Islam Online reported in January 2007 that between 2000 and 2006 about 4,000 Pakistanis were slain in honor killings. An estimated 2,774 of the victims were women and 1,226 were men. Also consider that within one five-year period, more than 1,000 women were kidnapped and murdered in Guatemala. Their bodies were usually mutilated and in some cases “death to bitches” were written on them.

And in Juarez, Mexico, hundreds of women were kidnapped, murdered and buried. The killers remain free. In 2006 a Catholic Italian man shot his sister to death for having a child out of wedlock. Up until 1991, men in Brazil could be absolved of killing their wives over honor. In Yemen, a Jewish father killed his daughter after a rabbi complained that she had a child from an affair. And a Christian father beat his daughter to death in 2005 in Palestine because she wanted to marry a Muslim. Last year in Bashika, Mosul, a 17-year-old woman, a member of the Yezidi religion was stoned to death for having an Arab Muslim boyfriend.

UNICEF reports that more than 5,000 non-Muslim women are killed in so-called dowry deaths each year in India because their in-laws consider their dowries inadequate. Human Rights Watch considers dowry deaths the same as honor killings because of similar dynamics in which the victims are killed by male members of the family and because the crimes are excused or understood by the community.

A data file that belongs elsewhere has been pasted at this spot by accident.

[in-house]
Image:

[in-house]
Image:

Further evidence that Islam as either a religion or a culture is not responsible for many of these murders is that some governments approve of honor killings. Jordan and Syria, for example, are governments made up of secular laws. Jordan, in particular, has a mishmash of codes that include Islamic, tribal, European and some international laws.

The Qur’an, unlike in Saudi Arabia, does not serve as the constitution of these two countries. And neither use Sharia. Rather, legislation exists that provides minimal or no punishment to murders committed in the name of family honor. As a result, an estimated 200 to 300 honor killings are committed in Syria each year. About 25 honor slayings are committed annually in Jordan and about 60 a year in Turkey, another Muslim country that is governed by secular laws. If anger is to be directed to those responsible for encouraging honor killings it should be the governments that allow legislation to be passed that protects the killers.

Do Muslims as a rule condone honor killings? Of course not. Syria’s grand mufti, cleric Ahmad Hassoun, has condemned the crime as un-Islamic. Forty Pakistani religious scholars issued a joint fatwa in 2006 against honor killings, branding the practice as contrary to the teachings of Prophet Muhammad. And last summer Lebanon’s Grand Ayatollah Mohammed Hussein Fadlallah issued a fatwa banning honor killings, characterizing the practice as a “repulsive act.”

In 2000, members of the Jordanian royal family led 4,000 demonstrators in protest against Jordanian laws that allow men who kill in the name of honor to go free. And Queen Rania has been a tireless critic of Jordanian laws protecting honor killers and has waged a campaign to repeal those laws.

Given that honor killings are a global phenomenon and not isolated to Muslims, how do critics justify their anger toward only one group? They can’t, but it won’t stop them from letting the facts get in the way of their agenda.

We live in a society that labels and demonizes certain groups to justify their hatred. Americans, in particular, have a nasty habit throughout history of targeting specific groups – from the American Indian to Japanese-Americans to communists and now Muslims – to justify their fear and anger. There is no logic to it. It makes no sense. But it makes people feel as if they are helping their country by attacking perceived enemies.